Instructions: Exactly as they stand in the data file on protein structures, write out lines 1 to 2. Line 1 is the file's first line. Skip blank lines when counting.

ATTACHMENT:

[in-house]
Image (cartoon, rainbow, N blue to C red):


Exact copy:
[in-house]
Image (cartoon, rainbow, N blue to C red):